Your endorsement level doesn’t directly affect your experience in the game, necessarily. Participating in the system is compulsory, in that everyone starts out at level 1 by default, but it is not designed to be directly punitive if people choose not to endorse you. Instead, the system rewards both direct participation, high-level achievement, and high-level maintenance. In combination with the LFG system, players can sort themselves into selective groups on the basis of endorsement level. In theory, this affords LFG participants with the ability to filter out all sorts of deviant people: people who don’t earn endorsements because either they don’t have adequate soft skills or they don’t communicate, or new accounts often operated by people who aren’t experienced in meta-level analysis and strategy in the game.
This system was widely heralded as a success in the immediate months that followed from its implementation. At a game developer conference held the following March in 2019 (approximately 9 months later), a researcher at Blizzard employees attributed a “40 percent decrease in matches that resulted in disruptive behavior”—which several outlets reported as a “40 percent decrease in toxicity”— with the implementation of the Endorsement and LFG system. The argument here being that these systems contribute to the development, identification, and maintenance of consistent social norms around how to play the game. A few things we could say here about what this number represents or means, but let’s take it at face value that the only forms of toxicity Blizzard needs to worry about are the ones people thing to report. I don’t think that Blizzard is wrong here; but, in practice, the system does not always work as intended, and it has not necessarily evolved to keep pace with changing norms and expectations held by more senior players.
The game is constantly changing as new maps, heroes, and modes are routinely introduced. The development team tweaks hero abilities about once a month. This creates instability and plurality in what people perceive as appropriate meta strategy in the game (which heroes are viable, how to play around obstacles on a map, when to use abilities, etc). The Endorsement System obscures the routine, necessary discursive practices that flex a person’s communication skills and analytical thinking. I’m not just saying that the number you’re given is inaccurate, I’m saying that the number is not adequately representative of a person’s in-game education or soft-skill ability.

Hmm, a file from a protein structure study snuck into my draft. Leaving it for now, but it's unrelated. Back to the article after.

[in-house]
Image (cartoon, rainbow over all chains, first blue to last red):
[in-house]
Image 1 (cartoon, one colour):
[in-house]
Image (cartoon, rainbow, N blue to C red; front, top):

Although, the number is not ‘accurate’ in an empirical sense, either. It fluctuates over time according to a black-boxed algorithmic process that calculates the value according to some equation that accounts for the number of games you’ve played, the time you’ve played, they types of endorsements you’ve received, and the number of endorsements you’ve received. Eventually, if you play long enough your number will go up by virtue of playing a lot. It’s a statistical inevitability. In part because the number is cumulative and I think you’re only punished when you leave matches early (so folklore about the system goes), and in part because other players are differently motivated to participate in the system. Lower-level accounts are implicitly motivated to pass out endorsements carelessly or without real consideration for the cheap experience points. I have several stories in my back pocket that I don’t have time to share that entail receiving completely unjustified endorsements from other players. And many more of people using the endorsement system to throw shade or low-key troll opponents.